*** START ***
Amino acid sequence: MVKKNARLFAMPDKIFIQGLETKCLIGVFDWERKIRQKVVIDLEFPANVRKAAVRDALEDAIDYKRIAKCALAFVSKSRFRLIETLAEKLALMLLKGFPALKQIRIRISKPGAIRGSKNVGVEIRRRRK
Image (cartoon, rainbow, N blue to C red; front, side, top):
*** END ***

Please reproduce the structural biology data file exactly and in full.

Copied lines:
Amino acid sequence: MVKKNARLFAMPDKIFIQGLETKCLIGVFDWERKIRQKVVIDLEFPANVRKAAVRDALEDAIDYKRIAKCALAFVSKSRFRLIETLAEKLALMLLKGFPALKQIRIRISKPGAIRGSKNVGVEIRRRRK
Image (cartoon, rainbow, N blue to C red; front, side, top):